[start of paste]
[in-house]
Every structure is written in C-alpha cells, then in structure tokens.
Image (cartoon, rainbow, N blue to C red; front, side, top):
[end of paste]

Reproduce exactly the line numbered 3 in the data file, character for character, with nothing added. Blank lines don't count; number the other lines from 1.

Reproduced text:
Image (cartoon, rainbow, N blue to C red; front, side, top):